I will not say more about the issues of late-night disorder and abstractions, because they are covered in the written submission from the BTP superintendents branch, but I will talk briefly about the issue of metal theft. I could talk at length about metal theft, but I will save the committee from that.
In my experience, the phenomenon of metal theft was first identified by the British Transport Police, above any other force in the country. We saw it because we saw the impact that it was having on the trains as a public service for people getting into work—we saw the disruption that was being caused. We worked closely with Network Rail and train operators to devise a plan that would help to overcome that disruption. However, we saw very quickly that metal theft went much wider than the transport network. We saw that it arose from the economics of supply and demand, because the price of metal was going up around the world. However, we saw that metal theft was starting to affect critical national infrastructure, local authority housing stock, faith buildings and a range of areas across communities, but particularly local businesses.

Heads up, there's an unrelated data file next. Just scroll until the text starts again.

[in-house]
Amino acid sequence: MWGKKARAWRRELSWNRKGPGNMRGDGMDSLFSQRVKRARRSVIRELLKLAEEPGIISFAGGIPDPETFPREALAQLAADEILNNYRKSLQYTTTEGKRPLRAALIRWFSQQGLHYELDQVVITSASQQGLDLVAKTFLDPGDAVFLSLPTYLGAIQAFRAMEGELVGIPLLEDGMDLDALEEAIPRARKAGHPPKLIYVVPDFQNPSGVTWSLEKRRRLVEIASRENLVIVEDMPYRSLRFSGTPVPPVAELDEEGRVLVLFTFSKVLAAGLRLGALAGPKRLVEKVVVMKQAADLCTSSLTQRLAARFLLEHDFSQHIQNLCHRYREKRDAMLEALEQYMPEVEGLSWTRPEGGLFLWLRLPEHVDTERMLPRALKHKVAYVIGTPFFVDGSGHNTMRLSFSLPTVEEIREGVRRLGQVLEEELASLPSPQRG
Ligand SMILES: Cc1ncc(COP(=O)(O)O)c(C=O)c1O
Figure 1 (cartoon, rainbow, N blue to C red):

The BTP led a number of national campaigns against metal theft. The first one, which was done with the help of the Home Office and a £5 million grant, brought about some legislative change. As committee members will know, we have done something similar in Scotland through a £600,000 grant from Transport Scotland. We have encouraged, engineered and collaborated across critical national infrastructure with utilities companies, other police forces and other law enforcement agencies to bring about a reduction in metal theft.
I think that the figures that were quoted are the railway figures, but a 52 per cent reduction in metal theft across Scotland has been brought about by the leadership that the BTP has shown in the campaign; the way in which we have galvanised other law enforcement agencies, local authorities and utilities to better protect their assets; more enforcement that has targeted metal thieves; work with scrap metal dealers and new regulation; and work with the Parliament, officials and ministers to change the law. That is the contribution that the BTP has made on metal theft, and that has led to that reduction.12:15